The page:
There are a lot of songs associated with the Christmas holiday. Some are pretty good, some aren't so good. And then there is "Rudolph The Red-Nosed Reindeer," one of the worst songs ever written.
It starts off, "You know Dasher and Dancer/And Prancer and Vixen/Comet and Cupid/And Donner and Blitzen." So right off the bat it is establishing that You, the listener, are some sort of reindeer expert. You know the names of all of the reindeer. And then in the very next line it asks you, the reindeer expert, "But do you recall/The most famous reindeer of all?"
Now if someone is aware of all the obscure reindeer like Prancer and Vixen, wouldn't it stand to reason that he or she would be able to recall "the most famous reindeer"? In fact, wouldn't a reindeer expert be insulted by the question? That's like saying that you know Nolan Reimold and Bengie Molina, but have you ever heard of Babe Ruth?
The song continues, "Rudolph the red-nosed reindeer/Had a very shiny nose." The repetition of the word "nose" like that is the mark of sloppy, lazy songwriting. It continues, "And if you ever saw him/You would even say it glows." By saying "You would even say it glows," it's implying that at most his nose glows. And that might even be a slight exaggeration.
I don't know how many of you have ever driven in the fog. But you want lights that do more than simply glow. You want a bright beam. It's not like Santa Claus needed to alert other flying sleds of his presence. No, he needed light to be able to see the rooftops and telephone poles and such things so that he wouldn't crash.
Which brings to mind another problem with the song. If Santa's elves are able to build all these wonderful toys and electronic gadgets, why couldn't they build him some headlights for his flying sled? Seriously. He wants to put his own safety as well as that of the rest of the reindeer in the hands of a slightly glowing nose? That's insane. Santa is crazy.
The song also establishes that the other reindeer are juvenile and mean. "All of the other reindeer/Used to laugh and call him names." Names like "Rudolph The Red-Nosed Reindeer"? The very name of the song is mean. Why call him by his one imperfection, his one oddity? Doesn't he have a last name? Defining him by his deformity is cruel. Do any of you like to be defined by one feature, by one physical attribute? No, of course not.
Then, like the little sycophants that they are, the other reindeer love Rudolph as soon as Santa shows him some favor. Once Santa asks him to guide his sleigh, the songs says, "Then all the reindeer loved him/And they shouted out with glee/Rudolph the red-nosed reindeer/You'll go down in history." Even at the end, they're still calling him "the red-nosed reindeer." Clearly, the love they show for him is merely superficial flattery.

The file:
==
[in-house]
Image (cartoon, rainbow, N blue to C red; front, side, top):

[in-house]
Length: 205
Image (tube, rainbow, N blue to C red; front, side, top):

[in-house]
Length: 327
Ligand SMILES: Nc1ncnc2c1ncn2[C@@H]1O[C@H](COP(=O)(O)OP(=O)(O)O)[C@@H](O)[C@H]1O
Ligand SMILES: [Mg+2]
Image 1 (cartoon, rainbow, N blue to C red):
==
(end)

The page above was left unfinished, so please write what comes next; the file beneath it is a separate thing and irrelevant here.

By the way, what has Rudolph been doing all this time? Was he not even in the Christmas Eve reindeer lineup until that one night? Was he just hanging around until there was some fog? Or did he work in some other capacity at the toy factory?
Montgomery Ward Origins
"Rudolph The Red-Nosed Reindeer" was written by Johnny Marks. But the song did not mark Rudolph's inception.
Rudolph was actually created for Montgomery Ward as a promotional tool in 1939. Montgomery Ward gave away coloring books each year to children, and decided to save money by coming up with its own character.
Robert L. May came up with Rudolph the Red-Nosed Reindeer. But the red nose almost didn't happen, because a red nose is traditionally associated with drunkenness, and so thought inappropriate for a Christmas character.
But as we all now know, imbibing is an important part of the holiday, and without a little alcohol, a lot of folks wouldn't make it through the day.
"Rudolph The Red-Nosed Reindeer" is a poorly constructed and conceived song, but it seems to be here to stay. Fortunately, its airplay is limited to a few weeks out of the year.
(Note: I originally posted this on December 8, 2010 on another site.)